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Bill Clinton Joins Wendy Greuel in Mayoral Campaign Stop — Sara Welch Reports

LOS ANGELES, Calif. (KTLA) — With the Los Angeles mayoral run-off about a month away, former president Bill Clinton came to town Saturday to throw his support behind candidate Wendy Greuel, joining her at a campaign event in the Westlake District.

Clinton spent about 90 minutes with Greuel at the world famous Langer’s Deli, where the former commander-in-chief was greeted like a rock star. Guests at the event included union dignitaries and restaurant workers.

The former president reminded Greuel’s supporters that being Los Angeles’ mayor is a full-time job and that Greuel cares more about that job than she does about politics and if she’s elected, she’ll get things done.

Clinton has known Greuel for some 20 years and says her track record speaks for itself.

“All that matters, when it’s over, is are people better off when you quit than when you started, whether children have a brighter future and whether things are coming together rather than being torn apart,” Clinton said during the event. “If that’s what you want, you should vote for Wendy.”

Greuel told her supporters she will reform government and focus on improving jobs and improving education,

Clinton endorsed Greuel to be Los Angeles’ next mayor in March, saying her track record, including a stint working in his administration, makes her a proven leader with the skills to confront the city’s challenges.

“In her many years of public service in Los Angeles…Wendy has personified good, honest and effective government, improving the lives of countless Angelenos while saving millions of their tax dollars,” Clinton wrote in a letter to supporters in March.

“And she’s not done yet. Los Angeles is a great city with equally great challenges, so it’s vital that Angelenos elect a proven, creative problem solver to lead them. That’s Wendy Greuel.”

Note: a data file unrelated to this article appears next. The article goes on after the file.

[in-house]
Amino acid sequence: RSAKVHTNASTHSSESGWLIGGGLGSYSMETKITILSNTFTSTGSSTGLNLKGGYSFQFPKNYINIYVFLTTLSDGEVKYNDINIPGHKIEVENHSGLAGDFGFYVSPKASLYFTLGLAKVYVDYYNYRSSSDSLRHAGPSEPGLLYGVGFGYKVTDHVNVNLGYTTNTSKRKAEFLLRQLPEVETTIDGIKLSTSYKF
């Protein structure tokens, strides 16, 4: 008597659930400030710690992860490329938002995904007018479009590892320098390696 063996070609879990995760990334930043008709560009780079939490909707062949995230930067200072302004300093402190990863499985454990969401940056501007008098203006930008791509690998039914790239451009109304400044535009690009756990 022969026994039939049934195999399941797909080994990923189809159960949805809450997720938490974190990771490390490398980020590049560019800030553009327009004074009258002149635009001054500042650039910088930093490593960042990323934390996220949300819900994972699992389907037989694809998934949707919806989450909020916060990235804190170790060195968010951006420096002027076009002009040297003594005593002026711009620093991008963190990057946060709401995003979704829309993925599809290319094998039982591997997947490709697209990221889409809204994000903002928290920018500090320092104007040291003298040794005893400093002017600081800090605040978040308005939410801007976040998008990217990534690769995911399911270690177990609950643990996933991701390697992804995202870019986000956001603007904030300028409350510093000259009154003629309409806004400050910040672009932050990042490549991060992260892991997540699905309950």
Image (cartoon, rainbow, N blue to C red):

The support comes at a critical time in Greuel’s campaign, as she tries to move past a rocky stretch that included a staff shake-up and continued questions about her ties to labor with less than two months to go until the May 21 runoff with City Councilman Eric Garcetti.

Greuel said in March that the endorsement was “humbling.”

“He united communities and built partnerships. He delivered results. And that is precisely what I will do as mayor of the city of Los Angeles,” Greuel said.

“President Clinton has been a role model for me — he has shown what it means to be a leader, how to build coalitions and create jobs where they are needed most, and how to [be] steady in a crisis.”

Clinton has frequently endorsed people who have been loyal to his family, either helpful during his time at the White House or supporters of his wife’s unsuccessful 2008 presidential run.

Greuel fits both categories — in addition to being an early and active backer of Hillary Rodham Clinton’s presidential campaign, she worked in the Clinton administration at the Department of Housing and Urban Development.

In announcing his support, Clinton highlighted Greuel’s time at HUD.

“When the Northridge Earthquake struck — causing so much loss of life and destruction — Wendy sprang into action,” Clinton wrote.

“She helped deliver over a billion dollars in federal emergency aid to Los Angeles residents and worked around the clock to assist families who lost their homes.”
Political observers said the endorsement could be pivotal, especially in what is expected to be a low-turnout election.